During practice this week, Youngstown Phantoms coach Anthony Noreen was looking for a way to snap his team out of its five-game lull. So, he reached out to someone who knows a thing or two about what it takes to win at the highest level – St. Louis Blues assistant coach Ray Bennett.
Bennett, whose son Kale Bennett is a first-year defenseman for the Phantoms, has more than a decade of experience behind NHL benches with St. Louis and the Los Angeles Kings. Last season he helped the Blue rebound from a 6-7-0 start to second-place finish in the NHL’s Western Conference.
Under normal circumstances, Bennett would be preoccupied with his own players, but with the NHL lockout in its sixth week, he was able to pay a visit to the Phantoms (4-5-0, 8 points) ahead of their Friday faceoff with the USHL Western Conference-leading Lincoln Stars (6-0-0, 12 points) at the Covelli Centre.
“Ray’s been in for a number of games, but it was the first time we really utilized him as a resource [in practice],” Noreen said. “He was very gracious in doing it and we were very grateful for that.”
Bennett joined the Phantoms on the ice for practice Wednesday at the Covelli Centre, lending a hand with drills and working with Noreen and the coaching staff. Prior to taking the ice, however, he spoke to the team in the locker room.
The subject? What it takes to be a pro.
“He said, ‘There are a lot of guys that have made a lot of money playing the game for a long time that aren’t pros, and there are a lot of guys that maybe haven’t got the glitz and glamour, but they’re pros because of how they act and approach the game,’” Noreen said. “The things he said hold true whether you’re playing in the NHL or mite hockey, or anything in between.”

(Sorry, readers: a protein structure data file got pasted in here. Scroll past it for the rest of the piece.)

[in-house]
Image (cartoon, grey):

Bennett’s message certainly resonated with assistant captain J.T. Stenglein. The third-year winger said that, given the team’s recent struggles, it could provide a boost when they take the ice Friday night.
“It was good to kind of see his perspective on things and get his words of wisdom, especially when we’re going through a tougher time,” Stenglein said. “It was definitely good to get him out here and motivate everybody to work a lot harder knowing you’ve got NHL eyes on you.”
The goal, Stenglein said, would be to ensure he and his teammates take Bennett’s advice to heart, not just during the game Friday, but also during practice and during off-ice preparation.
Noreen echoed Stenglein’s message, but had another takeaway from his time with Bennett. Staring down the longest losing streak of his two-year USHL coaching career and dealing with injuries to key veterans players on one of the league’s youngest teams, he said took solace learning he was not alone in facing adversity.
“Sometimes it’s just nice to know that guys at the next level are questioning and going through the same problems you’re going through,” Noreen said. “The concepts that you’re trying to implement – that you’re banging your head against the wall trying to get guys to do – are the same things they struggle with. And, it’s nice to know that with a lot of the stuff, you’re on the same path.
“You don’t get to the NHL level and stick as long as Ray has without doing something pretty well.”
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